U.S. Needs to Keep Its Distance from Iran's Election Mess

With the Iranian election fiasco that saw President Mahmoud Ahmadinejad win by an unlikely 63 percent, the U.S. government would do well to take a page from its own recent presidential election history.

Allegations still reverberate today that George Bush stole the 2000 election from Al Gore. And no matter how distasteful was that victory, given the events over the last eight years, it was the U.S. Supreme Court that gave Bush the presidency.

The U.S. dealt with that election through rule of law, although how that law was applied remains subject to great debate. It was an internal matter solved for better or for worse by the democratic system. Likewise, the Iranian election of Ahmadinejad, whatever its flaws, is an internal issue that should not be the object of meddling by Western governments.

Iran's ultimate authority, Supreme Leader Ayatollah Ali Khamenei, who has had his own problems in the past with Ahmadinejad, has essentially certified the election. This doesn't give much wriggle room for the West to apply pressure.

Ahmadinejad's policies and nonsensical rhetoric is counterproductive to not only the future of Iran, but to the region. The reformist movement, led at the moment by Mir Hussein Moussavi, is more appealing to the average Iranian on the street for his practicality in dealing with the West and balance between government and Islam.

Certainly Moussavi's house arrest and the ban on reformist street demonstrations are disturbing, and only heighten suspicions that Ahmadinejad's decisive victory may be tainted. And Ahmadinejad seems just a little too cavalier with the whole process to make anyone feel comfortable.

But Vice President Joe Biden pointed out the obvious the other day in a television interview: "There is an awful lot of questions about how this election was run. We are waiting to see. We don't have enough facts to make a firm judgment."

Precisely. The urge is to flail away at a despot rigging elections, but there simply is not enough information. And as clever and street smart as Ahmadinejad is, we may never know. But it shouldn't change the Obama administration strategy to engage Iran. It's the Iranian government and isolating it won't change its attitudes towards Israel or its nuclear ambitions.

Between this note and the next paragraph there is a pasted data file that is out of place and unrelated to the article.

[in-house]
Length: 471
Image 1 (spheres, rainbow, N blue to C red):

But the fundamental issue is that Western intervention on any level could have disastrous consequences. We don't want a repeat of the Hamas election victory in 2006. Hamas was democratically elected to run the Palestinian territories. It was an election, I might add, held at the urging of the Bush administration. When the outcome didn't end with the expected results, the West isolated Hamas. It led to further divisions between Hamas and Fatah, and encouraged a civil war.

Iran wields considerable power in the Middle East. Intervention will destabilize the country, putting its neighbors at risk. If the West encourages intervention of the existing government it only serves the cause of Israel, which wants to divert the world's attention away from the Palestinian issue. Israel wants a weak Iran. It wants intervention in Iran's nuclear ambitions.

But external pressure will only muddy the waters. Change, as Arab leaders have been telling Western nations for decades, must come organically. If indeed the Iranian election was rigged, then the Iranian people will take matters in their own hands. It's unclear today whether there is enough dissatisfaction with Ahmadinejad to spark that change at a grassroots level. There is plenty of anger in the streets, but I also saw plenty of pro-government supporters giving interviews on the BBC as well.

We can only wait and see. If Iranians truly feel wronged, this is their moment to act. If Ahmadinejad is here to stay, then the prudent thing for the U.S. government to do is work with him.